Apple and Cisco settled their iPhone trademark lawsuit, but (as of yet) nobody knows why. There are three explanations that I find plausible.
- The lawyers agreed that they are distinct markets, as in this AP story:
“Although Cisco is making the point that we don't know what the future brings, it just strikes me that their markets are plenty distinct, and there's probably room for them to find peaceful cooperation,” said James Pooley, an intellectual property litigator and adjunct law professor at the University of California at Berkeley. “They're not naturally going to be stepping on each other's toes very much, so cooperation makes a whole lot of sense.”
- Cisco decided to settle for whatever Apple is willing to give — likely better than what they offered on Jan. 8.
- If today (or 3 months ago) you asked someone what an iPhone is, more consumers would say Apple than Cisco, undercutting Cisco’s claim to have established and protected its trademark.
“Cisco had to provide access to the trademark to Apple if it wanted to achieve the highest value for the name. There was no potential second buyer who would have equaled Apple’s desire for the iPhone mark,” said Alan Fisch, an intellectual-property lawyer at Kaye Scholer in Washington.I hate to say it, but Steve Jobs’ game of chicken seems to be vindicated. Of course, we need to hear what the actual terms are — perhaps in the next Cisco or Apple 10-Q.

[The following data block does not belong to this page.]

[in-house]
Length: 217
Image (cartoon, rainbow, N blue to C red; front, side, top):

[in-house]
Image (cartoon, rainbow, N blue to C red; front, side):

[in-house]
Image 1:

He added that Cisco also faced the reality that consumers associated the name more with Apple.
“The iPhone name has been informally synonymous with an anticipated Apple phone for years prior to the product’s formal announcement,” he said.